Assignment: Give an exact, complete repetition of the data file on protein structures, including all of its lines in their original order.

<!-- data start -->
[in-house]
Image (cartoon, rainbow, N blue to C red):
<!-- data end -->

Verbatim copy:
[in-house]
Image (cartoon, rainbow, N blue to C red):